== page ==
THE REAL SLAM DUNK

Marcus and Mia Robinson, genial elementary-school–aged twins, are excited about meeting fictional NBA star Jason Carter. Mia is writing an article for her newspaper and Marcus, the budding basketball star, has won the honor of asking the class’s questions during a field trip to Giants Practice Day. Sometimes sounding more like motivational speaking than fiction, Richardson encourages her young audience to dream more than one dream. After Carter points out the obvious facts—that most athletes do not become professional athletes, athletes often get injured and athletes need to have other interests—young Marcus thinks more about his mathematical talents. Though it seems unlikely that a top NBA athlete would choose NCAA Division II Morehouse University (where, conveniently, Martin Luther King Jr. matriculated) over the NBA, cynicism should be put on hold for this feel-good lesson for the youngest reader. Engaging cover and black-and-white interior art will draw many fans, especially those elusive boy readers. Not quite a slam-dunk, but the straightforward, accessible story will invite them to stay for the end of the game. (Fiction. 7-10)

Pub Date: Feb. 1, 2005

ISBN: 0-8037-3050-0

Page Count: 64

Publisher: Dial Books

Review Posted Online: May 20, 2010

Kirkus Reviews Issue: Feb. 1, 2005

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Deliberately inspirational and tinged with nostalgia, this will please fans but may strike others as overly idealistic.

STICKS AND STONES

Veteran picture-book creator Polacco tells another story from her childhood that celebrates the importance of staying true to one’s own interests and values.

After years of spending summers with her father and grandmother, narrator Trisha is excited to be spending the school year in Michigan with them. Unexpectedly abandoned by her summertime friends, Trisha quickly connects with fellow outsiders Thom and Ravanne, who may be familiar to readers from Polacco’s The Junkyard Wonders (2010). Throughout the school year, the three enjoy activities together and do their best to avoid school bully Billy. While a physical confrontation between Thom (aka “Sissy Boy”) and Billy does come, so does an opportunity for Thom to defy convention and share his talent with the community. Loosely sketched watercolor illustrations place the story in the middle of the last century, with somewhat old-fashioned clothing and an apparently all-White community. Trisha and her classmates appear to be what today would be called middle schoolers; a reference to something Trisha and her mom did when she was “only eight” suggests that several years have passed since that time. As usual, the lengthy first-person narrative is cozily conversational but includes some challenging vocabulary (textiles, lackeys, foretold). The author’s note provides a brief update about her friends’ careers and encourages readers to embrace their own differences. (This book was reviewed digitally with 11-by-18-inch double-page spreads viewed at actual size.)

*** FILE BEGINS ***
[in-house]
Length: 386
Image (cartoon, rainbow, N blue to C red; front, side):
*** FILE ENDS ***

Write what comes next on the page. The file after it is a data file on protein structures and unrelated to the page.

Deliberately inspirational and tinged with nostalgia, this will please fans but may strike others as overly idealistic. (Picture book. 7-10)

Pub Date: Oct. 6, 2020

ISBN: 978-1-5344-2622-1

Page Count: 48

Publisher: Simon & Schuster

Review Posted Online: Aug. 18, 2020

Kirkus Reviews Issue: Sept. 1, 2020

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DORY STORY

Who is next in the ocean food chain? Pallotta has a surprising answer in this picture book glimpse of one curious boy. Danny, fascinated by plankton, takes his dory and rows out into the ocean, where he sees shrimp eating those plankton, fish sand eels eating shrimp, mackerel eating fish sand eels, bluefish chasing mackerel, tuna after bluefish, and killer whales after tuna. When an enormous humpbacked whale arrives on the scene, Danny’s dory tips over and he has to swim for a large rock or become—he worries’someone’s lunch. Surreal acrylic illustrations in vivid blues and red extend the story of a small boy, a small boat, and a vast ocean, in which the laws of the food chain are paramount. That the boy has been bathtub-bound during this entire imaginative foray doesn’t diminish the suspense, and the facts Pallotta presents are solidly researched. A charming fish tale about the one—the boy—that got away. (Picture book. 4-8)

Pub Date: Feb. 1, 2000

ISBN: 0-88106-075-5

Page Count: 32

Publisher: N/A

Review Posted Online: May 20, 2010

Kirkus Reviews Issue: Jan. 1, 2000

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